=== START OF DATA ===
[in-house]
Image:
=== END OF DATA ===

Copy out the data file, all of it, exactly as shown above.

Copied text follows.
[in-house]
Image: